In February 2002, Bill Hemmer moved to New York to become Paula Zahn's cohost, replacing Anderson Cooper. In April 2003, Bill Hemmer anchored the program solo when Paula Zahn moved to CNN primetime. Heidi Collins and Daryn Kagan temporarily hosted with Bill Hemmer before Soledad O'Brien debuted as co-host.

In January 2002, CNN executives were embarrassed to find out an on-air promotion that was not approved by top executives was being aired that called Paula Zahn "sexy" and included the sound of a zipper. CNN said that the advertisement was approved by a woman in the productions department. CNN later apologized to Paula Zahn.

In June 2005, Bill Hemmer left CNN and was replaced by Miles O'Brien. Heidi Collins was replaced by Carol Costello. Jack Cafferty left the show later that summer. The show moved to the Time Warner Center, and shared a set with the CNN Headline News program Showbiz Tonight. Costello later left the program and was not replaced; she returned in 2011. In October 2006, the show received a redesigned set, along with new music and graphics.

Due to disappointing Nielsen ratings, CNN announced the replacement of Miles O'Brien and Soledad O'Brien with Kiran Chetry and John Roberts as program hosts effective April 16, 2007. In the first quarter of 2007, Fox and Friends on Fox News Channel averaged 769,000 viewers, CNN's American Morning averaged 372,000 and MSNBC's Imus in the Morning averaged 361,000 viewers at the time of its cancellation by MSNBC on April 11, 2007.[2]

2010–2011Edit

On November 22, 2010, American Morning underwent a lighter graphics change.

2011 saw the departures of Roberts and Chetry. Ali Velshi initially filled in alongside Chetry before the latter's departure in July. Chetry was replaced by Christine Romans and Carol Costello.[3]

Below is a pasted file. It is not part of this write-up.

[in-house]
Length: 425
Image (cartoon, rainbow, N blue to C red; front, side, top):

In October 2011, CNN announced a revamp of its morning lineup to be more competitive against cable entries Fox & Friends on Fox News and Morning Joe on MSNBC. American Morning would be replaced by two new programs from January 2, 2012, Early Start (5-7 a.m.) and Starting Point (7-9 a.m.) (both times ET).[4] The shows are expected to be less politically focused and cover a broad range of news.[3]

The final broadcast of American Morning on December 30, 2011 was anchored by Alina Cho and Deborah Feyerick. Cho and Feyerick brought show staff onto the set, thanking them for their efforts.[5]

Previous hostsEdit

See alsoEdit

ReferencesEdit

  1. ^ "Celebrity Scandals and Gossip - NY Daily News". Archived from the original on May 29, 2006.
  2. ^ Tim Cuprisin, "Plagued by soft ratings, O'Briens ousted as CNN morning anchors", Milwaukee Journal Sentinel, April 11, 2007.
  3. ^ a b "CNN Makes Morning Lineup Revamp Official". Comcast. Archived from the original on 2011-12-29. Retrieved 2011-12-17.
  4. ^ Ariens, Chris (2011-12-16). "Javier Morgado Joins New CNN Morning Show". TV Newser. Retrieved 2011-12-17.
  5. ^ Ariens, Chris (2011-12-30). "After 10 Years, 'American Morning' Signs Off". TV Newser. Retrieved 2011-12-30.

External linksEdit